Some students will spend their whole school career in that one spot.
There will be a ribbon-cutting ceremony at 5 p.m. Tuesday, Aug. 16, which is by invitation only, but the public will get to see the building on Sept. 24 in an open house.
Students who will attend the new school will find it more compact and much easier to get around.
There are four “houses” and four floors.
They are all in front. The corridors run east and west and up and down so it’s easy to find your way around.
Amenities, like the cafeteria, auditorium and gymnasium are in back along with the Career and Technical Education programs, of which there are now 20.
Some of those programs will offer services to the public. Those will include banking, graphic arts and dining in the Blue Pride Bistro.
The public will be able to access these services from a front entrance that allows access to the student-run businesses, but not to the rest of the school.
Classrooms are set up to foster “collaborative learning.”
Even the desks are designed for that purpose.
They are triangular and can be arranged so that four students can sit together and discuss a topic, face-to-face.
In the halls, there’s space for collaborative learning as well.
The bus loop is in the back where many of the students will enter.
The back door opens to the cafeteria, which is located between the Bray Auditorium and the gym.
But those entering from the back can meet their friends entering from the front because the space is open from front to back with a giant staircase in the middle.
A glass wall in the back looks out at the football stadium.
It is, in essence, a gathering place before classes, where laughter and talk will ring off the walls for generations to come.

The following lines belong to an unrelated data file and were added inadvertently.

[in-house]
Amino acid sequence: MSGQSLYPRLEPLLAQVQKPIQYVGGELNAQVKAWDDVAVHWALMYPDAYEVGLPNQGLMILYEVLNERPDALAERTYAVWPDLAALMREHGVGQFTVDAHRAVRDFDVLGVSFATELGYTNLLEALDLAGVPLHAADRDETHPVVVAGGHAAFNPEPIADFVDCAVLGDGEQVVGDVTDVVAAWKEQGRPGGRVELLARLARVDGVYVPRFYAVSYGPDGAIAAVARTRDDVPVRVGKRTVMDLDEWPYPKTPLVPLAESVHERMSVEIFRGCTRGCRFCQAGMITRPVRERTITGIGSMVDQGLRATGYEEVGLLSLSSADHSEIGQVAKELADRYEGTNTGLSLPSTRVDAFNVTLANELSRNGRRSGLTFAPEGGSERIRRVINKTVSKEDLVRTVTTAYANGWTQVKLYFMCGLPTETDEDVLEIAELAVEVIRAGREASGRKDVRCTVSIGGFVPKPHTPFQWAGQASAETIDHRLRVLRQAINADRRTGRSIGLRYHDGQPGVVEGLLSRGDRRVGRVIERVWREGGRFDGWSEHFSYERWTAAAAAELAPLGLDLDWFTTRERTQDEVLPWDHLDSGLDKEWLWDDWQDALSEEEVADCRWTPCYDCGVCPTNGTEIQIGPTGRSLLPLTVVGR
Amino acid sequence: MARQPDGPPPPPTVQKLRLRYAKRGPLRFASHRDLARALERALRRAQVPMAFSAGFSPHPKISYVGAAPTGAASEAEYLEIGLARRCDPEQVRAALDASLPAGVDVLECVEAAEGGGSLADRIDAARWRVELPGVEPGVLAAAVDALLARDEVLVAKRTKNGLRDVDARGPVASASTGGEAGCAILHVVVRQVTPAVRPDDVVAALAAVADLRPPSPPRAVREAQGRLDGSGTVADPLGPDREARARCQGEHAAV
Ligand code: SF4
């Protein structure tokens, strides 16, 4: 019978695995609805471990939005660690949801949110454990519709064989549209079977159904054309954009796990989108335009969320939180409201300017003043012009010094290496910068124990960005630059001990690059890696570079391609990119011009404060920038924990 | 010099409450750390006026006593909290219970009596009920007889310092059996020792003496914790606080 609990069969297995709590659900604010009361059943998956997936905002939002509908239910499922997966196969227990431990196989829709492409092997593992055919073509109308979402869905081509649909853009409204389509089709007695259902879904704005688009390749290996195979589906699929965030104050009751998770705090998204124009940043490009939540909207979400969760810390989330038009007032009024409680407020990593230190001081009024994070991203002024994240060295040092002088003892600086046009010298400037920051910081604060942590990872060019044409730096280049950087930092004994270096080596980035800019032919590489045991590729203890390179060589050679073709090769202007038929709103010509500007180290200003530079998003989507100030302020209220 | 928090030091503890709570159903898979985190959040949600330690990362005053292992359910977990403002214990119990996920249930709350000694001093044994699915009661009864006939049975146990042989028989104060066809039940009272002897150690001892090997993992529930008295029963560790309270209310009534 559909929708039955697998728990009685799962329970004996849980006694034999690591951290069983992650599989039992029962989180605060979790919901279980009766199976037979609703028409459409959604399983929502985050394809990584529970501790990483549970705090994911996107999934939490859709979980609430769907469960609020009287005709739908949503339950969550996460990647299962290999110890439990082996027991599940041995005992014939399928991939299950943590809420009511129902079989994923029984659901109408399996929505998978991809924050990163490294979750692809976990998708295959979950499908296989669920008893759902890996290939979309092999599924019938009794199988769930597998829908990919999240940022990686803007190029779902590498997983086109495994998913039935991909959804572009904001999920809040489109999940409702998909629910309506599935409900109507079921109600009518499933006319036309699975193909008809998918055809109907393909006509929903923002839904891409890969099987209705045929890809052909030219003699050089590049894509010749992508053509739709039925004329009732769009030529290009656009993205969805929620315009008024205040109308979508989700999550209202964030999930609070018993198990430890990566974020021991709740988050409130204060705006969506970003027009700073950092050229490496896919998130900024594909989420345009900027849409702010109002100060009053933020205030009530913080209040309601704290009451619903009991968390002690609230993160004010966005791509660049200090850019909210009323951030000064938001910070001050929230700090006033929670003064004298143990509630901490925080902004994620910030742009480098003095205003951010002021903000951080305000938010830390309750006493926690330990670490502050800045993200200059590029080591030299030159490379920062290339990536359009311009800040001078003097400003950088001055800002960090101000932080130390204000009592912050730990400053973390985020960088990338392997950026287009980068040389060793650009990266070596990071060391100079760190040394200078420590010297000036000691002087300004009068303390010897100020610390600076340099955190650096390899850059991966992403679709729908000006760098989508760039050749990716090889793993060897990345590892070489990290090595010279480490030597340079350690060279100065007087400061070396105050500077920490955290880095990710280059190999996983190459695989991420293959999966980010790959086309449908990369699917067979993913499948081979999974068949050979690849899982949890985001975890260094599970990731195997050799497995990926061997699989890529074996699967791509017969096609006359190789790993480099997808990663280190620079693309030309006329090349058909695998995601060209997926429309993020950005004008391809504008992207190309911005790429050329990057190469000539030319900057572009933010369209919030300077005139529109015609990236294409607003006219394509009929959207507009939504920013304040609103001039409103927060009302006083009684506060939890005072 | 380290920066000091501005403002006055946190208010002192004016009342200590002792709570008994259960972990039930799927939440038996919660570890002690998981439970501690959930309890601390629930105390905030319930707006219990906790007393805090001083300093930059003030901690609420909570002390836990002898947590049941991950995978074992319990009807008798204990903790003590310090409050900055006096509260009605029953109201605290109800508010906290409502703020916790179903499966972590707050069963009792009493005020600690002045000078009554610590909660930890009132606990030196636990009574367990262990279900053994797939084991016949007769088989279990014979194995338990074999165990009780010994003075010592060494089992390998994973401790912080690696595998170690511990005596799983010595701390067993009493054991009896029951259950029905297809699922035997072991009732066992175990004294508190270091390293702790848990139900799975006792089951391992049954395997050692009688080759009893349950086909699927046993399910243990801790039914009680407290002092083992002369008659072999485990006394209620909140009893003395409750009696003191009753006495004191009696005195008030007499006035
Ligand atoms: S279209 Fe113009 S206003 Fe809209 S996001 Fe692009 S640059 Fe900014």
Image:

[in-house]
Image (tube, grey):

The Bray Auditorium is smaller than the current auditorium. It seats about 850 or so.
But as School Building Committee Vice Chairman Jack Jacobi said, “There’s not a bad seat in the house.”
And he’s right.
It’s much cozier than the current auditorium and everyone should be able to see and hear everything that’s staged.
The stage is wide and deep and leads into a carpenter shop where sets can be built and into band room where musicians can gather before a concert.
It’s a very professional set up and has catwalks above to position the lighting for shows.
The gym seats 1,800.
Overlooking the basketball court, emblazoned with Attleboro in blue, on the second floor, are weight rooms and workout rooms with a big collage of past athletic events imposed on a wall with a blue haze overlay.
It’s where the past meets the present.
Many images were taken from Sun Chronicle photos.
But, as they say, pictures are worth a thousand words, so we’ll stop here and let every photo tell its story — except for one thing.
In Campbell’s office, which is at the front door in the middle of the school, is a clock that many of those 1962 students looked at in the high school on County Street, which was built in 1914 and which preceded the high school on Rathbun Willard Drive.
It was in the auditorium and now it tells the time in the principal’s office at 1 Blue Pride Way.
It looks new with a fresh face like those students who will be pouring through the doors on Aug. 29, the first day of school, but it’s the same clock, now more than 100 years old.
The great-grandparents or great-great-grandparents or the great-great-great-grandparents of those students coming in looked at the same clock, which now unites them through time.